I like to think that at least some of these questions will be answered over the course of the day, but I’m not holding my breath. Especially about the teaspoons.

(*no, sweetie, you’re stuck with us)

Sewing b*&!

It’s technical fabrics week here in the atelier studio dining room, with my first attempt at swimwear – a two piece in some funky fish fabric from Pound Fabrics. I chose the Oasis Mix and Match swimsuit by Ellie and Mac, which was one of their ‘wacky‘ patterns a few months ago. Each week they have a selection of patterns reduced to $1, which is about 77p – they also have their bestsellers reduced to $2 and a range of freebies, so well worth keeping an eye on. I have their duchess coat waiting on my to-do list, which is dramatic and swingy and I’m looking forward to swishing about in it when I get round to making it!

I used the print at home PDF pattern option, which has to be stuck together but they have trimless pages and you can also choose to just print the sizes you need which makes it easy to cut out. One reason for making this myself is that I’m different sizes on the top and the bottom, so could mix the sizes up for the best fit for both.

As with all their patterns, the pictorial instructions are step-by-step and really clear, and there’s a good range of options to make. I chose to make version one of the two-piece, with the high waist bottoms and the tie back. The thinking was that a two piece will be easier to get out of after a cold-water swim – I tested it this morning and while it was easy to get off I think next time I’ll make the extended strap version which ties at the front. I used a turquoise power mesh lining and was making it on my basic Brother LS14, which has a very limited range of stitches. It’s a great little machine but is best with wovens. I ended up doing most of the construction on the overlocker because of this, but the elastic had to be done on the Brother which meant a lot of creative cursing.

It’s not perfect but it didn’t fall apart in the lake or the washing machine so I’m counting it as a win!

I also made the Kaleidoscope dress from issue 98 of Love Sewing – dramatic sleeves and a swishy skirt. I used a 100% cotton double duvet cover I’d bought in a sale, with large Japanese-style cranes on one side and a plain dark green on the reverse. I love duvet covers for the sheer amount of fabric you get – eight square metres, so great for circle skirts. There wasn’t quite enough of the crane print for the whole dress so I used the plain side for the bodice, and print for the skirt and sleeves. I added pockets (why would anyone design a dress without them?) and pleated the sleeve head rather than gathering. The PDF pattern left a lot to the imagination – mislabelling pieces (shirt instead of skirt, for example) and very few markings so I wouldn’t advise it for a beginner. This is an issue with a lot of the craft magazines – they don’t appear to have proofreaders (or if they do they need new ones).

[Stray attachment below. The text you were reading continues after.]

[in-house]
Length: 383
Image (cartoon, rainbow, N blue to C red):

The dress went together quickly – I hate setting in sleeves so added them as ‘grown on’ ones, which combines a few steps. The channel for the elastic was a nightmare, and the sleeves really need to be finished better as a result. I wore it to work on Wednesday, however, and it was a showstopper: it needed a belt so I added a burgundy obi-style one, and so many people commented (the sleeves! the fact that it was made of a duvet! the dress!). The cotton fabric gives it some structure, rather than the drapey viscose the pattern recommended, and I’m glad I chose it! I can see this one coming into heavy rotation. I do love a dramatic frock!

And that’s been my week, mostly! Thing 2 had her 13th birthday on Friday, so this week I will be heading into Westfield with her and two of her buddies for a shopping trip, as well as visiting a children’s centre and an arts centre. My beloved is off for half term with them, so I get to go to work. Lucky me….

Kirsty x

What I’ve been reading:

The Onion Girl/Dreams Underfoot/Spirits in the Wires – Charles de Lint (Newford series)

82: thinking like designers – or possibly chickens

This week I took my new school session out to Thing 3’s primary school to test it on Years 5 and 6 – still playing with blue Imagination Playground blocks, but this time the tabletop version which are definitely easier to carry around. Added to these were scraps of fabrics, pipes, string and other loose parts, building on the work we’ve been doing over the summer.

The session, called ‘Think Small’, is an introduction to user-centred design, helping children to understand the iterative design process, work collaboratively and communicate ideas, and finally to work creatively with materials. These are some of the 5Cs of 21st century skills and are the some of the building blocks for learning in the new museum.

Photo and chickens courtesy of Chinami Sakai

We started by thinking about chickens, and what they need to be safe and happy: brainstorming ideas as a class, and then looking at the Eglu. The chickens in question can be seen above – Mabel, Doris and Tome, who belong to one of my colleagues and who were previously commercial egg-laying chickens. We’re in a relatively rural area, so some of the children already had experience of chickens, and were keen to share their ideas. ‘Space to play’ was the most important thing according to one child whose granny is a chicken keeper. We looked then at the Eglu, a chicken house which was designed to make it simpler to keep chickens in garden and which you can see on the left of the picture.